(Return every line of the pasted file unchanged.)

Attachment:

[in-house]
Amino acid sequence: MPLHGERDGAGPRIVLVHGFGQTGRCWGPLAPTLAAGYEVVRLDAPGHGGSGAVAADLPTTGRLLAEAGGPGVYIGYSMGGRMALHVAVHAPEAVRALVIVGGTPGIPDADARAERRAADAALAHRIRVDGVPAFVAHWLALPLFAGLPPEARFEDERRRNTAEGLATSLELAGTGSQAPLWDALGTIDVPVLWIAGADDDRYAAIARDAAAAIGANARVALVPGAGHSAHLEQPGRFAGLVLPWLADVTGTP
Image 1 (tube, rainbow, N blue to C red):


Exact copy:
[in-house]
Amino acid sequence: MPLHGERDGAGPRIVLVHGFGQTGRCWGPLAPTLAAGYEVVRLDAPGHGGSGAVAADLPTTGRLLAEAGGPGVYIGYSMGGRMALHVAVHAPEAVRALVIVGGTPGIPDADARAERRAADAALAHRIRVDGVPAFVAHWLALPLFAGLPPEARFEDERRRNTAEGLATSLELAGTGSQAPLWDALGTIDVPVLWIAGADDDRYAAIARDAAAAIGANARVALVPGAGHSAHLEQPGRFAGLVLPWLADVTGTP
Image 1 (tube, rainbow, N blue to C red):